If any cause deserves to be “bailed out,” this is, without question, that which is deserving of a helping hand by a state that cannot afford to be devoid of the vast value Birmingham-Southern brings.

This travesty is a price we — and future generations – will pay for dearly.

Each state possesses at least one prestigious, historic liberal arts institution. In the South, Tennessee has Sewanee and Rhodes. Kentucky has Centre. Georgia has Oglethorpe. Mississippi has Milsaps.

These institutions provide a crucial alternative to the university model, which prioritizes pre-professionalist specialization at the expense of wide-ranging exposure to various fields of knowledge.

These small, private liberal arts institutions allow the curious-minded student to intimately explore a diverse, dynamic curricula, providing students the opportunity to find themselves and their path naturally rather than find themselves conscripted on any rigid avenue “fast track” to grad school or preselected employment.

Birmingham-Southern, and so many other wonderful liberal arts institutions like it, encourages students to look at “the big picture.”

During my time at Birmingham-Southern, I majored in literature, minored in sociology and played collegiate basketball. Encouraged to explore my creative passions by an English professor who identified my talents, I discovered my true calling as a writer and storyteller. I wrote my first novel in the summer between my sophomore and junior year (an autobiographical dramatization of my time at BSC as a student).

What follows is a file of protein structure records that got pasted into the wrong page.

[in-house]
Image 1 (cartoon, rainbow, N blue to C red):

The college’s cruel murder is felt most deeply by us who have witnessed the magic this little college provides firsthand and who remain forever marked by its powerful touch to this day.

The reverberations of Birmingham-Southern’s death will be felt in the Birmingham community locally, in the South generally, and in our nation as a whole as we chop away at classical liberal arts educational values and watch as, one by one, these small private colleges disappear.

By allowing its most prestigious private liberal arts institution to flounder, Alabama has now cemented itself (seemingly gladly doing so, wearing their damning decision as a perverse badge of pride) to be, in fact, dead last.

I cannot help but find the cruel irony in my alma mater’s mantra: “Forward, Ever.” I can only hope that this calamity sparks a critical cultural conversation so such sinister stupidity is never allowed to triumph again.

While Birmingham-Southern continued its march into a future of progress and hope — ever hopeful, ever seeking to continue blazing its brilliant torch of knowledge and light — the society around it insisted on stifling its beautiful flame.

Shame on the Alabama Legislature.

Shame on the imprudent institutional stewards who drove this wonderful college’s finances into the ground.

Shame on our society for not recognizing a golden gem and refusing to save it.

Shame on us all.